Monday, February 20, 2012

Be Careful Just Sitting Down And Writing Words Without Thinking

Before I go to far with this, please understand that the strategy I am talking about DOES have some benefits. With that said, there are far too many authors who use this strategy ineffectively.

I have heard numerous writers tell me that they sit down and write an X-amount of words daily. Their goal is a word count only. Some days the words are good and some days, this is just an excercise in futility. While I do agree that as a brainstorming tool, this strategy, known as FREEWRITING does work to develop ideas. It is a great way to think about potential characters or potential storylines. I would argue, however, that using this strategy to write a book is far from effective.

Let me explain it this way. I don't know about you, but I really don't have a lot of free time on my hands. We all live busy lives and when we get those few spare moments to work on our writing, we have to make that time effective. If you sit down and spend your day meeting a word count and not really advancing the story, this means that you have lost some time you will never get back again. Sure, there is that potential that something good might come from that writing excercise; but, in all honesty, the odds are that the potential for poor quality writing is much greater. What this means is that you get to go back and spend time editing, no, rewriting an entire scene.

I applaud those writing groups that use a motivational tool of getting words completed in a goal-based competition. I know RWA-Online does this every October. I know the RWA Chapter in Olympia, Washington uses a Sprint Challenge. This is a great tool to push people to quit making excuses and write. But, I would highly recommend taking a different approach.

If you want to say you will write X-Amount of words a day, then go for it. But...if you don't have a plan on that current WIP, then pull out your journal, or log in to your online writing journal and just write. Count that for your daily total. If, during that writing time, you suddenly know how you want to take your current WIP, then dive into that project and continue working for your writing total. You may not meet that word count on the work in progress, but you will get some quality writing in. And, in all honesty, you might start to develop some great writing ideas for future projects.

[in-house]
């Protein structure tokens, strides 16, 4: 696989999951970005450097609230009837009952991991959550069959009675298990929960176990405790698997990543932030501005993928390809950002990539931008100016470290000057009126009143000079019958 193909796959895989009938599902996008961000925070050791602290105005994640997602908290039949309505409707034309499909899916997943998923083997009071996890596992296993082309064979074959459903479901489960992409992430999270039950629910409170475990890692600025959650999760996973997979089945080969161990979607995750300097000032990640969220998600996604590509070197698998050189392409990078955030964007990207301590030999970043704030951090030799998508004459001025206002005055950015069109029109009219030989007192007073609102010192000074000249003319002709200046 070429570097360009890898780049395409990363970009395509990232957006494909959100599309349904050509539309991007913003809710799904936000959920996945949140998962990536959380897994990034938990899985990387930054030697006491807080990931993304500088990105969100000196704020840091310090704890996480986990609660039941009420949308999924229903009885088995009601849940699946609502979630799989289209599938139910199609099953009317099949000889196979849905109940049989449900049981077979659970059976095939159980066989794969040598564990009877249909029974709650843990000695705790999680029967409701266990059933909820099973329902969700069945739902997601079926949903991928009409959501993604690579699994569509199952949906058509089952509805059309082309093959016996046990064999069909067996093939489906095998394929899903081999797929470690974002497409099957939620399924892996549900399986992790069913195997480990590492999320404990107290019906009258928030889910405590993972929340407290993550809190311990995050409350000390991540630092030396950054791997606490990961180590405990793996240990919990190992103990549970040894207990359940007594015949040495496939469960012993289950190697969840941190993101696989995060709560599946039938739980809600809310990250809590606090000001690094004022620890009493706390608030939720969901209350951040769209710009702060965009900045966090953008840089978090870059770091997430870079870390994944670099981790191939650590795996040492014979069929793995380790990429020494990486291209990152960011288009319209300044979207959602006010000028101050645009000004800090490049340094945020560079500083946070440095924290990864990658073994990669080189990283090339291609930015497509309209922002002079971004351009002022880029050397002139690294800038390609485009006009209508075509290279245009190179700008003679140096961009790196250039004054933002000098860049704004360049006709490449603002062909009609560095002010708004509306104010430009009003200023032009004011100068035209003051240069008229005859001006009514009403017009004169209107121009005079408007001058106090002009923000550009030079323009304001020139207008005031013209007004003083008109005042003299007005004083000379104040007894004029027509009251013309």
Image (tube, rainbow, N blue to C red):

1. I have to agree with this. I have found that "just sitting down and writing" does not work--for me at least. I get nothing accomplished in those types of sessions because I am focusing too much on writing instead of the story, itself. It just doesn't work.

    Thank you for emphasizing this point for me. Sometimes we need these reminders.

  2. I've found it much easier to meet word quotas since I started making very detailed outlines for my stories. Having the plot figured out before starting the actual daily writing allows me to concentrate on getting the words down, in what I hope is a good fashion. Since I don't have to worry so much about what comes next but rather making it happen well, I find I usually meet my quota more quickly, too. The trade-off is that there's a lot more work at the beginning of the process as I figure out each character, each plot point, how each character would affect each plot point, and so on (I believe you've called this "front-loading" in previous posts). Even a basic outline would be helpful in focusing a writer so their 1000 words a day (or whatever amount) is not wasted.

  3. I don't set word count goals at all. In fact, I don't even think about the word count until the story is finished. Then I panic.